It's hard to think "Do I wish I had done that?" but I do come away from some docs thinking, "Wow, that was great." And it is inspiring. I can remember going to the Toronto Film Festival one year and back-to-back I saw Stories We Tell and The Gatekeepers and I was gobsmacked by both of them. I thought they were so great for very different reasons. And you kind of want to get out of your comfort zone, too. Talk about the prison of belief. I think we all keep plowing the same ground in some weird way, which is good because sometimes you can go deeper. But sometimes you get in a rut too. And seeing great docs like that gets you out of your rut.
How influential was The Jinx in terms of what you can do with a documentary?
If you think about it, it starts off with body parts and a murder mystery, so already you're interested. But it spins it out over a long period of time. What made it hugely influential was its serialized mystery. It helped usher in a new form.
What do you most need to make a successful documentary? Access?
No, I don't think so. I've had that argument with people. [WikiLeaks documentary] We Steal Secrets, which may not have been as watched [when it premiered] because so many people were so invested in seeing Julian Assange as a hero — there are not so many people invested in that anymore — was about Julian, but we couldn't get access to him. We found ways around it and then we discovered in the process Chelsea Manning [who became a focal point of the film]. So the access thing can be good, but it can also be a trap. Because there have been great access films and terrible access films where you've got access, but mostly it's following people getting in and out of limousines. And it feels like access, but it's fake access.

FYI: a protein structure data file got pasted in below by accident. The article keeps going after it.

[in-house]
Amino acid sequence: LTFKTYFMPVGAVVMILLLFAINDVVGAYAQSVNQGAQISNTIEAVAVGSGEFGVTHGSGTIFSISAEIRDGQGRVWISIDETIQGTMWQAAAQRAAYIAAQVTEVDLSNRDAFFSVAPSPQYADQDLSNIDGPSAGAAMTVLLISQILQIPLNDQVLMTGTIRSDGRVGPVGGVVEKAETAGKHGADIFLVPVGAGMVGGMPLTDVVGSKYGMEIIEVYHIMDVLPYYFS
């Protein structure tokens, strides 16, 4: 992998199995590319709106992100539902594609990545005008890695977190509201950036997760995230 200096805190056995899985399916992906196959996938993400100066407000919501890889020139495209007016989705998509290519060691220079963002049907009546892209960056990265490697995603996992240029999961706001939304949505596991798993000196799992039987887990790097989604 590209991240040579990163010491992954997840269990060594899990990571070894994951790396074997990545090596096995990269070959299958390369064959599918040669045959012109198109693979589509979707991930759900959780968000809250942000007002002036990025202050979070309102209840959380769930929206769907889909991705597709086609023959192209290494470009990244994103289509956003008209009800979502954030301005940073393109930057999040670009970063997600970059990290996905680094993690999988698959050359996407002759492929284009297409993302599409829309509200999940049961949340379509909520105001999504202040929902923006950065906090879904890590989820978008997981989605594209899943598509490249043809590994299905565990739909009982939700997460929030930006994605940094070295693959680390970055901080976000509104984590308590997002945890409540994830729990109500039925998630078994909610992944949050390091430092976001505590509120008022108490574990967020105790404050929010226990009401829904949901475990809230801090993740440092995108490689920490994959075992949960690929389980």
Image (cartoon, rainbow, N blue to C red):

Newsrooms have endured painful cuts. Do you think documentaries have expanded to fill that void?
It seems like they have. I hope we solve this Facebook-Google problem, and then maybe print gets its financial legs back. But docs are not so much like news. They're like the long magazine articles and/or nonfiction books where you can feel the voice of the author. And they have taken an important place in the public sphere, which is great. Every once in a while, they take off and they enter the national conversation in an unexpected way. It doesn't always happen. With a few of my docs it's happened; Enron was definitely one. I call them taxi driver docs. If the taxi drivers are talking about them, or Uber drivers now that taxis are disappearing, then you know it's kind of a hit.
You've done a lot of films that have been very unflattering to powerful people and institutions. Have you ever felt personally unsafe?
Not really. It can be uncomfortable. I remember being trolled after the WikiLeaks [film] by the left, which I didn't really expect. And it took a while to process that. It actually helped me prepare for Scientology. Julian's followers and the Scientologists were weirdly similar in that way and also in the way that they would rapaciously lie. So I was ready. But sometimes it gets a little bit disquieting. I got a lot of nasty "you're going to hell" letters in the wake of Mea Maxima Culpa. But if you're going to go there, you've got to be ready for the territory. And I think the wisest advice I got was from a former Scientologist who said, "They're going to try to get into your head. Know that they're doing it and don't let them get there." It's not easy to do but if you externalize it, you realize it's coming, it's part of the job. It's like if you're going to be in an emergency room, you're going to expect some blood.
A version of this story first appeared in the May 9 issue of The Hollywood Reporter magazine. To receive the magazine, click here to subscribe.